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Description

This unusual leaf with a large initial 'R' depicts the Empty Tomb following Christ's resurrection. It is newly attributed to Don Simone Camaldolese and workshop, one of the most famous illuminators of late fourteenth-century Florence. The colorful and contrasting foliates with gold leaf, black ground with delicate plants, and the carefully modeled tomb closely compare to initials painted in Choir Books well-documented in the decade before 1400, at a time when the next generation of Florentine illuminators was training under Don Simone's gaze, including Lorenzo Monaco.

Such richly decorated initials for the Resurrexi introit for Easter Sunday more often depict the Resurrection with Christ standing over sleeping Roman soldiers or the Three Mary's at the Empty Tomb. The present miniature depicts neither, instead showing a closed tomb at bottom and an open tomb in the upper loop of the initial 'R', an intriguing and reductive composition. The dark ground with grasses and the gently upward-sloping loop of the initial closely recalls a miniature with the Resurrection signed and dated 1388 by Don Simone Camaldolese, formerly in the Bernard Breslauer Collection (Kanter, et al, 1994, cat. 21). The pigments and extensive use of so-called mosaic gold in the background of the present initial suggests a slightly later date, more or less contemporary to a two-volume Gradual of around 1390 attributed to Don Simone and workshop, at the Newberry Library, Chicago (MS 74; Kanter, et al, 1994, cat. 24). Compared to the Newberry Gradual, the present leaf is smaller and with narrower margins. Further research is needed to identify the parent manuscript.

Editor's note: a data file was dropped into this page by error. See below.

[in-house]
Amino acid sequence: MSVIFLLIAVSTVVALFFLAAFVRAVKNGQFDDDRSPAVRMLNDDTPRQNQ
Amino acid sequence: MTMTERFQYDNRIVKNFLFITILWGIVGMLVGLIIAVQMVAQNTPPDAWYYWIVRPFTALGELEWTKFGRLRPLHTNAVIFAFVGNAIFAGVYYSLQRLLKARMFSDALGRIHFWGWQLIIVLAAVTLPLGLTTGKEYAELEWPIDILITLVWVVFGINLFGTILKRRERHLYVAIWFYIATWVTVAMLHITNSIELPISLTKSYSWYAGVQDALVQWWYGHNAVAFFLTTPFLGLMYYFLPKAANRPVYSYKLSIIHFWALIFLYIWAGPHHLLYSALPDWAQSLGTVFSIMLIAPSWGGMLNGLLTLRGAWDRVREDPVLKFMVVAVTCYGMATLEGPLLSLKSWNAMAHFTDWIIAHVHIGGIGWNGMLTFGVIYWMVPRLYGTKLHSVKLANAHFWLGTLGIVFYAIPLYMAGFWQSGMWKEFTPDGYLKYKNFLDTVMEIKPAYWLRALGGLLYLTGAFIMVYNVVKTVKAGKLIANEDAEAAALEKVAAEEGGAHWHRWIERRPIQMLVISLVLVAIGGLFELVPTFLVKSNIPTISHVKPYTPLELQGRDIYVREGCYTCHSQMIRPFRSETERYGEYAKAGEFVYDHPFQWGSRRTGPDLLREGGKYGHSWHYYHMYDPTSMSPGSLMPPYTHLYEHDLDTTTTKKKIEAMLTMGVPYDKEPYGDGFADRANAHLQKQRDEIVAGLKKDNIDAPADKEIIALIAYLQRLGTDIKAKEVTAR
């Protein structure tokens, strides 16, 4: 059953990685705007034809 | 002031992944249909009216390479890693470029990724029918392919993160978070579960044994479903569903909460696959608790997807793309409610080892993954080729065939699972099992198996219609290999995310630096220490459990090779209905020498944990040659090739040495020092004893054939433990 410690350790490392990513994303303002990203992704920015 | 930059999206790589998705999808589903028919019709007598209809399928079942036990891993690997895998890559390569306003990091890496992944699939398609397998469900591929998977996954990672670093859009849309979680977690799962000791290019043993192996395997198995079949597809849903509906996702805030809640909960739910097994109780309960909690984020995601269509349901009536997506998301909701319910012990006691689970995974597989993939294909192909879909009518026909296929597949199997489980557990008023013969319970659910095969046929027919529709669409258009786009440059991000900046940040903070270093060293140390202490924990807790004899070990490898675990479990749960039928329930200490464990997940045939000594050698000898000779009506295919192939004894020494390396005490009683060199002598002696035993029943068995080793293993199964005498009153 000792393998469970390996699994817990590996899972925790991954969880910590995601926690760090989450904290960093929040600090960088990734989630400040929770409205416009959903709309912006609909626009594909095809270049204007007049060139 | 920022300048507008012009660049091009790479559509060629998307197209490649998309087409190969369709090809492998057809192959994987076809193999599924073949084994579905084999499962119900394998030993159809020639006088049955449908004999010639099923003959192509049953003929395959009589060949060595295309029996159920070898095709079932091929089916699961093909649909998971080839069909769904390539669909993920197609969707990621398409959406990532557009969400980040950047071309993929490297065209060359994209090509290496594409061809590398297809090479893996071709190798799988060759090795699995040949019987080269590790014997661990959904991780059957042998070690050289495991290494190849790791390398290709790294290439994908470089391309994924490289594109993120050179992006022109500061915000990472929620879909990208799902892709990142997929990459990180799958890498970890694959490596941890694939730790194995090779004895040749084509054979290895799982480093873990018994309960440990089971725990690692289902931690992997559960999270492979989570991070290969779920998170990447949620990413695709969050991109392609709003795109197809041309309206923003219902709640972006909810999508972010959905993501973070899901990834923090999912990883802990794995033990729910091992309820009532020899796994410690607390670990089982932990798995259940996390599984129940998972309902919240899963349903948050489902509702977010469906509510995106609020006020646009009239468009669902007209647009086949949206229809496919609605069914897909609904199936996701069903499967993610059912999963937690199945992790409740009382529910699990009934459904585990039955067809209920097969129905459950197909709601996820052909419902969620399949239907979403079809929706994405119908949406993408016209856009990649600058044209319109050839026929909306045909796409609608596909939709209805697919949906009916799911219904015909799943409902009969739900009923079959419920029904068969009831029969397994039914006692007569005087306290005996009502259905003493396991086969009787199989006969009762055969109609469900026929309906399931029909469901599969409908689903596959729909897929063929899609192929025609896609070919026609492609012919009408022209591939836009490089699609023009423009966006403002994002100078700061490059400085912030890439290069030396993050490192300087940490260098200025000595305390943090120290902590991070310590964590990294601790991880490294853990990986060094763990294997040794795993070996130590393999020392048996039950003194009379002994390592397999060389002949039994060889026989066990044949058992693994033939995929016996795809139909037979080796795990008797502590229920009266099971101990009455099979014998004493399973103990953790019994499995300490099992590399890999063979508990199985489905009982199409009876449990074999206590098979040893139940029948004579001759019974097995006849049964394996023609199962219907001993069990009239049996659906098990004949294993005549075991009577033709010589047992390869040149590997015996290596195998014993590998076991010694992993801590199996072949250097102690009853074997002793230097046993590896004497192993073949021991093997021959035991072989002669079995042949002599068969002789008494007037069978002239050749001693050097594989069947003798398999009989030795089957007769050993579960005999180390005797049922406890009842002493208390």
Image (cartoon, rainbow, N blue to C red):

The leaf is lined with six staves of notation, the top three with blue and red initials with penwork decoration, written in a rotunda script in brown ink, numbered "LV" at the top of the sheet. The three-line initial 'R' with the introit Resurrexi et ad huc tecum is decorated with brightly colored foliates and gold leaf, with mosaic gold background heavily outlined in black and a light maroon frame. The reverse continues the text for the introit, with a blue initial 'D' opening the following chant, Domine probasti me, ending incomplete, "…et resurrectionem me[…]." Some minor losses of paint and some rubbing to pigments and gold leaf, with pencil marks in places, and some original defects to the parchment.

Provenance:

Private Collection, USA, 1950s or 1960s (from labels on back of frame)

Literature:

Unpublished. For comparisons, see: Mirella Levi D'Ancona, The Illuminators and Illuminations of the Choir Books from Santa Maria degli Angeli and Santa Maria Nuova in Florence, 1994, vol. 1, pp. 25-32; Gaudenz Freuler, Tendencies of Gothic in Florence: Don Silvestro Dei Gherarducci (A Critical and Historical Corpus of Florentine Painting, ed. Miklós Boskovits, IV, vol. 7, part 2), 1997; Gaudenz Freuler, Lorenzo Monaco dalla Tradizione Giottesca al Rinascimento, 2006, p. 138; Laurence Kanter, et al, Painting and Illumination in Early Renaissance Florence, 1300-1450.

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